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Our Children’s Mental Health: Worth an extra 4¢ a week? Children’s Mental Health Ontario (CMHO) 2005-06.

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Presentation on theme: "Our Children’s Mental Health: Worth an extra 4¢ a week? Children’s Mental Health Ontario (CMHO) 2005-06."— Presentation transcript:

1 Our Children’s Mental Health: Worth an extra 4¢ a week? Children’s Mental Health Ontario (CMHO) 2005-06

2 About children’s mental health One in five Ontarians under 19 has a mental health disorder 1 Of these 530,000 children, 300,000 have more than one disorder Ontario’s current children’s mental health system has the capacity to serve fewer than 1 in 3 of these children “… services provided are limited by the level of available funding rather than the level of need.” 2 Total CMH funding in 2004-05 = $365 million Average cost per child = $2500 per year Almost all are outpatients; only 2% in residential treatment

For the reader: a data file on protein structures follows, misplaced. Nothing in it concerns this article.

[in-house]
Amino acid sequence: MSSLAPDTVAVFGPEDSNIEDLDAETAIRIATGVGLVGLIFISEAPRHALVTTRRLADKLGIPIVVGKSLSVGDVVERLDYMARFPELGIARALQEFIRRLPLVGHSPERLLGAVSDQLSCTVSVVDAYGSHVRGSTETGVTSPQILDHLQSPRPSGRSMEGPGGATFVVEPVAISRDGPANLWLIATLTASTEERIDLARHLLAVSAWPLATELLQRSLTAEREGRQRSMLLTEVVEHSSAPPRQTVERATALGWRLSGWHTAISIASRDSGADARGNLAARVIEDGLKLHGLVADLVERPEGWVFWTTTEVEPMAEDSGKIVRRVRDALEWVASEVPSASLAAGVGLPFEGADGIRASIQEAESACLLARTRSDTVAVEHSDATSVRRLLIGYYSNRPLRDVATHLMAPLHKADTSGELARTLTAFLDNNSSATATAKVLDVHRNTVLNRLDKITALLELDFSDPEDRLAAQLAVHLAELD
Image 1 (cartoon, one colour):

3 Children’s mental health disorders Serious behaviour & emotional problems Bullying, violence, fire-setting Depression, suicide attempts, self-harm Defiance, disruptive behaviour Anxiety, post-traumatic stress (e.g. related to violence or abuse), obsessive-compulsive ADD/ADHD and related school problems Substance abuse & addictions Other Child & Adolescent Psychiatric disorders Schizophrenia Bi-polar (manic-depressive) Anorexia & bulimia Autism spectrum … etc.

4 About CMHO Promotes, supports and strengthens a sustainable system of mental health services for children, youth and their families Members: 79 children’s mental health centres (CMHCs) Principal activities: Standards & Quality: Accreditation and Evidence-based practices Accountability: Intake, assessment and outcomes measurement Policy: Links to Ministry of Children & Youth Services and other service providers Advocacy & Public Awareness: Addressing stigma, lack of services, access barriers, etc.